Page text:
Wenyuxuan Du

Wenyuxuan Du, born in China, graduated with a degree in Film and Television from Hong Kong Baptist University. Wenyuxuan studied screenwriting with USC professor David Balkan, studied directing with director and USC graduate Andrew Peat, and studied composition and film scoring with Wenhai Wang.

Wenyuxuan is an independent director using her film works to expose the plight of women. Short film Advanced Animals (2021, writer, director, and composer) against female competition won an honorable mention award at the Indo Malaysia Film Festival and Sea of Art. Short film Hi, womb! (2022, writer, director and composer) against menstrual shame was honored as the best five short films at the 9th Chongqing Youth Film Festival and was officially selected and screened in the Oregon Independent Film Festival.

Wenyuxuan is an artist dedicated to the preservation and inheritance of ethnic cultures. As a member of the Yunan Lüchun County Cultural Poverty Alleviation and Soundscape Heritage Preservation Project, Wenyuxuan spent two years collecting and analyzing endangered Chinese Hani folk songs and she designed visual landscapes for their exhibitions in 2023, bringing the Hani folk culture reflected in the songs into the audience’s eyes in an easy-to-understand and creative way. In 2023, the film The Night Rain South Township for which she served as the sound designer, received a special mention Fei Mu Award at the Pingyao Crouching Tiger Hidden Dragon International Film Festival. From 2019 to 2022, Wenyuxuan interned as an assistant director and music directing assistant at China Central Television, Chongqing Television, and Hong Kong Satellite TV (Chongqing Station).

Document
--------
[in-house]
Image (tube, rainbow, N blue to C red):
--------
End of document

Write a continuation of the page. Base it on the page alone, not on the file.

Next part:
Wenyuxuan also has remarkable talent in music. She commenced learning both traditional Chinese and Western instruments at the age of six, mastering piano, flute, and Ruan. She held the position of chief Ruan player in the Chinese orchestra and was a member of the chamber music group for an extended period. Continual exposure to both Chinese and Western music has driven her keen interest in their fusion and innovation. Notably, she adapted the classical Ruan solo Silk Road Camel Bells into a quartet arrangement for Ruan, Guzheng, flute, and piano. She performed twice as a soloist of Ruan in cultural exchange activities with scholars from the UK, USA, and HK.